Normal readings of peak flow meters depend on a person's age, sex, and height. For example, a 30 year old male that is 5'10" tall should have a reading close to 622 liters per minute. Check the charts below for normal peak flow values (click on images to enlarge). Normal readings of peak flow meters are within 80-100% of the baseline reading. Predictive Normal Values have been calculated for women and men of different ages and heights, and have been adapted (with agreement from the original Authors) for use with the new EU Scale / EN 23747 peak flow meters.
Women can have peak flow values as low as 80 liters/minute less than the average value shown and still fall within the normal range. To calculate a "normal" value for a healthy person of a given age and height, follow this link. Peak flow meters come in two ranges to measure the air pushed out of your lungs. A low-range peak flow meter is for small children, and a standard-range peak flow meter is for older children, teenagers and adults. An adult has much larger airways than a child and needs the larger range. There are several types of peak flow meters available.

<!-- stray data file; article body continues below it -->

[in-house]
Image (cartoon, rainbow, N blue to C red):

■ Or in the case of a male aged 27 with a height of 186 cm. His predicted peak flow value would be 639.948 L/min. But if he already has a measured peak flow of 568 L/min, the percentage is 88.76. 1) Nunn AJ, Gregg I. (1989) New regression equations for predicting peak expiratory flow in adults. A chart called a ‘nomogram’ can be used to estimate your predicted peak flow if you are male or female, your age and height. It is important to remember that everyone is different and you should be guided by what is normal for you. Measuring your peak flow when you feel well will establish your normal or best peak flow.